In 2002, Malcolm and I threw the dart.
The finely chiseled point hit Santa Fe, New Mexico on our relocation map and a few months later we packed up and moved to the Land of Enchantment. As we were narrowing down the destination to call our new home, I informed Malc I would moved anywhere west of the Mississippi. Malcolm calmly informed me, the zip code we called “ours” must have the New York Times delivered.
Well, I can safely say, Santa Fe is west of the mighty river but the Times delivery was a bit spotty the first few years of residence. Yes, it was delivered, sometimes only 3 days after print. Other times we would collect a weeks worth of daily papers crammed in our mail box.
We contracted with a REALTOR® and started the process of buying our dream home. It was September and the weather was gorgeous. As we walked through houses that fit our criteria, attended open houses on the weekends, and looked through the Internet for FSBOs, we found one consistent fact. Very few homes in Santa Fe have air conditioning. For that matter, very few even have swamp coolers.
“Oh, you don’t really need them,” our REALTOR® stated. “It’s only warm a few weeks in June.”
“What do you mean no central air?” Malcolm questioned. Malcolm hails from Hotlanta, Georgia. My roots are from Central California. Hot, hot, hot summers were a staple for both of us.
“Seriously, the temperature here only gets to about 85 – 90 degrees for a couple of weeks in June.” SOLD! We signed the mortgage sans air conditioning and ceiling fans.
Our beautiful fall turned into a cold winter. We have radiant heat and my toes have never been so warm. We loved the snow and the cold. We were loving our new digs. Then the snow melted into a windy spring.
“When does the wind stop?” I asked our now REALTOR® friend.
“Dont’t worry, this is just our March winds.” She replied.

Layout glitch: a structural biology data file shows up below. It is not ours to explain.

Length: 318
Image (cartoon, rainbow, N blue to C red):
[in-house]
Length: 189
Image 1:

It was May.
“Don’t plant anything until after May 15,” she added. “We could easy have another freeze or some spring snow.” And we did have another freeze and more snow. With snow in May, there was no way our summers would be reminiscent of our past ones. We smiled to ourselves, glad to be away from the humidity of Georgia and the high temperatures of California.
We blew into June, by now well versed in New Mexico’s erratic weather. From past experiences, we both knew 85 degrees of hot days was nothing. Anything under 95 degrees was cool compared to where we came from. We convinced ourselves we didn’t need manufactured cold air. We opened our doors and windows and captured the cross winds. For the most part, it worked.
Through out the years, June in Santa Fe has varied from cold to cool to warmish to hot. We have installed ceiling fans where needed. Five of them. We have purchased oscillating fans for air movement. Six of them. Our REALTOR® was correct – the hot temperatures last only a few weeks. Usually from mid-June to Labor day, with July cooling down some from the monsoons.
Until this year.
This year, it has been 100 and hell degrees since Memorial weekend. It is time to flip the calendar to August.
Dolce and Amore have suffered right along with us. It’s too hot to walk them, too hot to leave them in the car as we run errands in town. Too hot period. The temperatures this summer have been almost unbearable for the girls.
Even with the fans spinning on high, the hot summer air has been stifling. On occasion I’ve resorted to using their bushy wagging tails as a fan, convincing Malcolm to rub their ears as I positioned myself behind one of the girls to catch some tail wind.
We watch the girls panting on the cool brick floor in misery.
We watch them move from room to room searching out the coolest areas of the house.
We take them on car drives with the air conditioning blasting. Not going anywhere in particular – just driving in a cold car to cool down.
We have even taken them down to the local pool to give them some relief.
We have clipped their fur as short was possible, trimming their feathers, their bellies, their sides and chests. We fill their water bowl with ice cubes for chomping. We keep water spritzers close by to spray some coolness on Dolce or Amore. It’s still too hot.
And it’s still 100 and hell degrees.